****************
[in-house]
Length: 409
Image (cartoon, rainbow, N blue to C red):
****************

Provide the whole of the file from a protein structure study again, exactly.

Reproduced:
[in-house]
Length: 409
Image (cartoon, rainbow, N blue to C red):